But will everyone be able to get it?
On January 11, a Chinese team reported online the RNA genome sequence of a novel coronavirus causing a strange new pneumonia-like disease in Wuhan, China. Within 48 hours, scientists at Moderna, a Massachusetts biotechnology company, had the entire genome synthesized. Remarkably, about 60 days later, the company, in collaboration with the Vaccine Research Center at the National Institutes of Health, began a human Phase 1 clinical trial of an RNA vaccine.
Since COVID-19 began its rapid spread across the world, scientists have worked with remarkable speed at trying to understand the virus—how it causes disease; how it spreads; why some people are asymptomatic while others die; how to develop new, or repurpose old, drugs; and how to create a safe and effective vaccine as quickly as possible. The COVID-19 story illustrates the tremendous capacity and speed of science in the 21st century, and the power of international collaboration. I am a member of the Canadian COVID-19 Vaccine Task Force, charged by the government to recommend COVID-19 vaccines that the country should purchase for its population. I am optimistic that the world will have a safe and effective vaccine by the end of this year or early 2021. However, I worry that people everywhere won’t have equal access to it.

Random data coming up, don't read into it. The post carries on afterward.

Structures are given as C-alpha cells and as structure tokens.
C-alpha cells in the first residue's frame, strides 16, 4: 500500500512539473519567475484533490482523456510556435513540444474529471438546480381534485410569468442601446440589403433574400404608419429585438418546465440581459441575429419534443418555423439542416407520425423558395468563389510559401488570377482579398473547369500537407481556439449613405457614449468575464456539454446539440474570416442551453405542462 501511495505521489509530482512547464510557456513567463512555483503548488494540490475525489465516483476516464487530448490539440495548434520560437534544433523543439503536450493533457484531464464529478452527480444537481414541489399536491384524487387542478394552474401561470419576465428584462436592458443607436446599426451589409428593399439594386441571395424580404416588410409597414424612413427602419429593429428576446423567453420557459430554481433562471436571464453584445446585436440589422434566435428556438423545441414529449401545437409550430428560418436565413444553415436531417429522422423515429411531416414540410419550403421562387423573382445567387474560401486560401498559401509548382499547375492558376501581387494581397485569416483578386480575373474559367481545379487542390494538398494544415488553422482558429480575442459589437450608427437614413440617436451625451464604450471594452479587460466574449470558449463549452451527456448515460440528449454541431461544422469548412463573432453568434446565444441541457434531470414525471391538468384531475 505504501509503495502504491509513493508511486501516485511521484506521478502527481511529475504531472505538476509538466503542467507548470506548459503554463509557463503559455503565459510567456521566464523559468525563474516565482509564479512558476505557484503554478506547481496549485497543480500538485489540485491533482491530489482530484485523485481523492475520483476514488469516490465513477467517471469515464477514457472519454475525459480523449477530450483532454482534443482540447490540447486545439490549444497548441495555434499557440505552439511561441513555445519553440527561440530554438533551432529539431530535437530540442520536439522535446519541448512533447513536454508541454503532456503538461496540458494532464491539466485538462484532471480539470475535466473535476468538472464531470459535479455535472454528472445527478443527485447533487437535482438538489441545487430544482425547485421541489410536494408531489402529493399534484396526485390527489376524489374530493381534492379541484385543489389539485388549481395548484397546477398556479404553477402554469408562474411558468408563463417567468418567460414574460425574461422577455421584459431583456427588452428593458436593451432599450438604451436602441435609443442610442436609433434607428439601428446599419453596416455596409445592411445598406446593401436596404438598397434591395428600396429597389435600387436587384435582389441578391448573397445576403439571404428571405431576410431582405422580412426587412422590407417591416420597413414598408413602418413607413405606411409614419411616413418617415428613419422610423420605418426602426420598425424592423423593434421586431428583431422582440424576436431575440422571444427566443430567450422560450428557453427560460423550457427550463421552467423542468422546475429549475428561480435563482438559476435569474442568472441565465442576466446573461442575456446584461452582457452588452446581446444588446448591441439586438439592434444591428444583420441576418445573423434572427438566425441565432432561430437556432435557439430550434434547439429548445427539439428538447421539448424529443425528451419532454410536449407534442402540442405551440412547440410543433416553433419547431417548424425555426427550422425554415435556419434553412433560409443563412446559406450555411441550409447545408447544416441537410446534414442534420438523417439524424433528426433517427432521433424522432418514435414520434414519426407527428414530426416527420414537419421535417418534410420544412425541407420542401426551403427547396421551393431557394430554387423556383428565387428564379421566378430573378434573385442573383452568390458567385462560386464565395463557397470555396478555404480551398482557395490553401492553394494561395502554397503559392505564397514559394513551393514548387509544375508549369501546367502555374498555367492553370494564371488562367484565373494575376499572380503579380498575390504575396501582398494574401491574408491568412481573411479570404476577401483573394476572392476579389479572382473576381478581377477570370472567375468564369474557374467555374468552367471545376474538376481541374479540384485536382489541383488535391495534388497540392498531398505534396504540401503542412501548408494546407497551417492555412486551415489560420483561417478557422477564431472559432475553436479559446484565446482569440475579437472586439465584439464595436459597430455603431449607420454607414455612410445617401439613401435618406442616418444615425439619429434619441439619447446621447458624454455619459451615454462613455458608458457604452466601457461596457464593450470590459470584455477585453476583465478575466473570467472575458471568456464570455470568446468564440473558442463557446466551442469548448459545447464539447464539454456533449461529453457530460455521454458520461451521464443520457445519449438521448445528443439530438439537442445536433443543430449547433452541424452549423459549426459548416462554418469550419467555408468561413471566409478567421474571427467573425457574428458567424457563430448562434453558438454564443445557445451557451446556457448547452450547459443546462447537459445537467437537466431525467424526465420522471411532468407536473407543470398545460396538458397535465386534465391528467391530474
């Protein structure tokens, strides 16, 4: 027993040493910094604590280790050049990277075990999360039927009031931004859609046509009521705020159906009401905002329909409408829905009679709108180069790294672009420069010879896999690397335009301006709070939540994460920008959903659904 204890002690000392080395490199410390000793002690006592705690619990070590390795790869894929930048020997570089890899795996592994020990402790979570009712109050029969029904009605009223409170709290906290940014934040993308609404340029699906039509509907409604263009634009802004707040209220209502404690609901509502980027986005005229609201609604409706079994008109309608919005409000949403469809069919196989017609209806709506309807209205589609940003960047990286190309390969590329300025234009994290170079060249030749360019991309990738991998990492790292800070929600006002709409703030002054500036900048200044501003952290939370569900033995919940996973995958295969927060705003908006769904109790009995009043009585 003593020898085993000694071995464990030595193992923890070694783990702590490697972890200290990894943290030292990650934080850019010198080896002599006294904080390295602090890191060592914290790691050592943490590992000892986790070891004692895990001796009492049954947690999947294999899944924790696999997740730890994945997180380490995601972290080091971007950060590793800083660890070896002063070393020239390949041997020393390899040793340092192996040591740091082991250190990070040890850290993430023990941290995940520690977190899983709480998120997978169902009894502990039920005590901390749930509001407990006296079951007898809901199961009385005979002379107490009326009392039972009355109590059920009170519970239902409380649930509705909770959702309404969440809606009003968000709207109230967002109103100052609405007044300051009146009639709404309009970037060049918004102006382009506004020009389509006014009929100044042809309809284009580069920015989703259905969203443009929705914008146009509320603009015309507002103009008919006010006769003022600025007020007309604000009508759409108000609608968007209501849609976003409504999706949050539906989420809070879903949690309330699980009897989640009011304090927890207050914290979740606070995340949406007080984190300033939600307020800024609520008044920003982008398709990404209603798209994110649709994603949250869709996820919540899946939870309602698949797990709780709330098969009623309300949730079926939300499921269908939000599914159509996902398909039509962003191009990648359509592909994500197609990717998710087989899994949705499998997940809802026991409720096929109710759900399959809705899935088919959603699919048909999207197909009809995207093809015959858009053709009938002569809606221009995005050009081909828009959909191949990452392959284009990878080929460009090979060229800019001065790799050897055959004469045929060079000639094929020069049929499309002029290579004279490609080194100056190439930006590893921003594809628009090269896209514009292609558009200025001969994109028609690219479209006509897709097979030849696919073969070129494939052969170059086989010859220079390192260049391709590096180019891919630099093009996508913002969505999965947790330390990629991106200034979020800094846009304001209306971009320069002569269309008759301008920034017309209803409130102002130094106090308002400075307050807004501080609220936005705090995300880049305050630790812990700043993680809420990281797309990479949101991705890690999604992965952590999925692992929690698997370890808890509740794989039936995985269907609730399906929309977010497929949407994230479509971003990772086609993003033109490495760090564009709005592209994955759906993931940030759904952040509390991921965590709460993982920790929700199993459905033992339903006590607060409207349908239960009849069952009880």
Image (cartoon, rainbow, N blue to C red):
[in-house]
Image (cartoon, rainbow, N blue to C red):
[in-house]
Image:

The history of vaccinology goes back to the late 1700s when Edward Jenner developed the first vaccine, for smallpox, a turning point in the war between microbes and humans. A great triumph of modern science, vaccines rely entirely on the activation of the body’s own protective immunological mechanisms. Vaccines prevent disease, are inexpensive, are easy to deliver, and have long-lasting effects. They are also the sole medicine that benefits not only vaccinated individuals but also those around them by interrupting the pathogen’s transmission within the community.
Back in the spring, most scientists, including Anthony Fauci, the top infectious-disease expert in the U.S., predicted that a vaccine would take at least 12–18 months to deliver. That time frame was viewed as wildly optimistic, even reckless, given the more typical four to six, sometimes as many as 10 to 15, years that vaccine development typically requires. Today, most scientists working in infectious disease, including Fauci, are saying the United States will know whether there’s an effective COVID-19 vaccine by the end of the year or early 2021, and one could become available by the end of 2021. That incredible speed is not being accomplished at the expense of safety; rather, it is the result of unprecedented collaboration across borders, academia, and industry.
The ideal vaccine will do three things: protect individuals from becoming infected, prevent life-altering effects for those who do get COVID-19, and block transmission of the virus to others. The vaccine does not need to be 100 percent effective at all three to be a powerful addition to our defenses against this virus.